Mary M. Wright "Nellie's Prayer-
Jazz Medley McHenry Jones
Boys Orotorical Contest for Medal
presented by W. C. Diffenderfer:
Claude Kugelman ... "Jean D'Esprez
Ralph Hoolsema . .
, - "Exordium in Knapp Murder Case"
.. Oration on the "Grave of Napoleon'
Part T .... .. Lois McLellan
Part II Sigmund Solomon
Decision of Judges.
Constipated CHildren GlaHIy TaEe:
Calif ornia Syrup of Fig
For the Liver and Bowels
Tell your druggist you want genuiriB
'California Syrup of Figs." Full directions
jand dose , for babies i arid children of alK ages
who are constipated, bilious, f e verish, tongue
tdated, or full of cold, are plainly printed on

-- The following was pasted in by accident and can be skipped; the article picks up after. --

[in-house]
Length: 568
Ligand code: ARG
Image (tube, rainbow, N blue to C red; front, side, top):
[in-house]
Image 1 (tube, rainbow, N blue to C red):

the . bottle. Look for- the name "California'
gnd accept no otherTir Syrup'"
A Shipment of Summer
These new hats are simply irresistible in
the soft dressy materials of which they are
made. The shades are white and pink. t It
goes without saying that every woman who
wants to look he r prettiest will wear them.
"The Best Place to Shop After All"
122 and 124 S. Palafox St.
Now is the Time to Get Rid of Your
If you are troubled with rheuma
tism get a bottle of Chamberlain's
Liniment and use it according to ths
plain printed directions. You will be
surprised at thfe quick relief whici it
affords. No Internal treatment is re
quired in cases of chronic or mumkr
rheumatism. All you need is to use
this liniment freely. Adv.
The Store for Women
115 South Palafox
A Beautiful Collection
See Our Window Display
Come inside and
make your selection
We have one that
will please you.
$1 to 350